Expansion from Tigerair and Scoot has filled some of the void left by Jetstar. But total LCC capacity and the LCC penetration rate in the Singapore-China market is on the decline, dropping to only 16% in Jan-2014.
Singapore’s overall LCC penetration is now 31% and is continuing to rise. The relatively low penetration in the Singapore-China market is surprising, particularly as the market enjoys open skies. But the long-term potential is there for more LCC services.
The expansion in late 2013 of Shenzhen Airport’s terminal three will see capacity growth of up to 57.9% as hourly movements increase from 38 to 60. The capacity will grow the local market, a relatively prosperous area that was China’s first free trade zone and has benefitted by tight relations with Hong Kong, just over the border. Shenzhen Airlines and majority owner Air China are the largest carriers and will benefit from the capacity increase.
But rivals are looking to establish a presence, mindful that capacity increases in key Chinese cities will be rare, having already experienced restraints in Beijing and Shanghai but also Guangzhou.
China Southern intends to launch international flights from Shenzhen despite being based in Guangzhou, 99km away. Spring Airlines has larger ambitions, eyeing Shenzhen as its first southern China base. Spring also wants to lure traffic from congested Guangzhou and Hong Kong. The distance from Guangzhou and Hong Kong is close but ground transport restraints make them far away. In other markets LCCs have established successful ground transport options – can Spring replicate that?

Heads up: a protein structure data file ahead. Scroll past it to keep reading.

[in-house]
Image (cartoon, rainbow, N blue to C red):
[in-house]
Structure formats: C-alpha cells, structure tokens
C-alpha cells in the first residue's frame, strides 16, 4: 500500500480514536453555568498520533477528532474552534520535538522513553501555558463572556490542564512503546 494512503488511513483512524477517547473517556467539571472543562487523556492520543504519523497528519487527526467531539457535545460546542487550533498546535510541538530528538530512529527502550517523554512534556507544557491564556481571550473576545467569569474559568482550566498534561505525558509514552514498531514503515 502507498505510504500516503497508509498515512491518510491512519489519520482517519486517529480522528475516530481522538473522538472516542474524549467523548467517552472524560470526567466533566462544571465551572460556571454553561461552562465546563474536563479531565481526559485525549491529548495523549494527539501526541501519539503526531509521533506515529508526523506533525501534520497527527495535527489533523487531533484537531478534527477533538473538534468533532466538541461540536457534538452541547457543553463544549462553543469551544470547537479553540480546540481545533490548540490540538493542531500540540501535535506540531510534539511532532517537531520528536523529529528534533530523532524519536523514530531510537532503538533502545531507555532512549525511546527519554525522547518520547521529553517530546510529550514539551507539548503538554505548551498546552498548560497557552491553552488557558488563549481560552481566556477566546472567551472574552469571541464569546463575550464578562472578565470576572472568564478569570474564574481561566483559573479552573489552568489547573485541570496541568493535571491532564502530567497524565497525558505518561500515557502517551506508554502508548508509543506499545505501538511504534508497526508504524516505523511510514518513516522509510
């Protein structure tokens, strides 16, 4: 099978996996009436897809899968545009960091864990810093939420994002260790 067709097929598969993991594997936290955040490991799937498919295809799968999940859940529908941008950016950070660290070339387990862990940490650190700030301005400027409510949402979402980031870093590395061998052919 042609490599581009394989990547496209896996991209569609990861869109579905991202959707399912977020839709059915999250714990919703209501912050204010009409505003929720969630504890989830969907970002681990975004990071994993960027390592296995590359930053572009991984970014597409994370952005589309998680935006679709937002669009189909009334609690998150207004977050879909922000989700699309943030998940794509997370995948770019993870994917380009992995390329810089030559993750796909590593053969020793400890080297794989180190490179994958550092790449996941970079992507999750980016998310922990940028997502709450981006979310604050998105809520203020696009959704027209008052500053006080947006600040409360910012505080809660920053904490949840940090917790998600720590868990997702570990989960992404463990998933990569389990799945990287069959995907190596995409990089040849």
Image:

Singapore Changi is close to plugging the biggest hole in its network, East Africa, with a proposed new service from Ethiopian Airlines. As traffic growth at Changi slows significantly, the airport needs to identify new markets. Africa, particularly East Africa, opens the door to an array of traffic flows which currently bypass Singapore.
Africa has emerged as an important and fast-growing region for Asia. A Singapore-Addis Ababa route gives Changi connections throughout Africa as well as an alternative for exploiting the fast-growing Asia-Brazil market.
Securing Ethiopian is critical for Changi as Singapore has fallen behind other Asian hubs in attracting African carriers. Changi currently is served by just one African carrier, Air Mauritius, with one weekly flight that is routed via Kuala Lumpur. Singapore Airlines only operates non-stop flights to one destination in Africa, Johannesburg, although it also serves Cape Town and Cairo on a one-stop basis.
The convergence of China’s domestic high-speed rail as well as high-speed rail linking mainland China with Hong Kong could potentially undermine Dragonair’s southern China network, a possibility the carrier is increasingly beginning to consider.
With HSR not due to link Hong Kong until 2015, there is time for this scenario to evolve.
Any impact to Dragonair and other carriers would have to occur with an alignment of factors. Currently at least this seems more unlikely than likely: low HSR ticket prices, convenient station locations, maximum train speeds and integrated border control.
There is also the possibility Dragonair and other carriers could swap routes for others as Hong Kong Airport slots become more scarce.